HOW TO RECOGNIZE A SHORTAGE OF VITAMIN B1
Vitamin B1 (also known as Thiamine) helps provide our cells with energy and protects our nerves by producing myelin. It’s absorbed in the small intestine. The body can store up to 20 days of vitamin B1 (13
Vitamin B1 is a important vitamin to the human body. Since our body is unable to create this vitamin itself, we need to get vitamin B1 from our foods. This includes pork, seeds, nuts, beens, grean peas, tofu, brown rice, asparagus, fish, seafood and plankton.
While a deficiency in vitamin B1 does not occur very often, there are certain groups of people that have a higher risk of creating a B1 deficiency. Those people may benefit from using vitamin B1 supplements next to their daily meals. It is, however, important to note that if you suspect you have a shortage of thiamine, you should always consult a doctor before taking any supplements.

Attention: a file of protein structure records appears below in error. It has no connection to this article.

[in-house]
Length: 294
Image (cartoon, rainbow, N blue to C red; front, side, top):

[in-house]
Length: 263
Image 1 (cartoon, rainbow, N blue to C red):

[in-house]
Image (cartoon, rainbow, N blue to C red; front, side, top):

People with a higher risk of obtaining an vitamin B1 deficiency are:
- People with diabetes,
- People with HIV or AIDS,
- People with chronic kidney disease,
- People with a stomach disorder (stomach operation or gastric bypass),
A shortage of vitamin B1can be recognized by the following symptoms. If you experience one or more of these symptoms, it may be wise to consult a physician.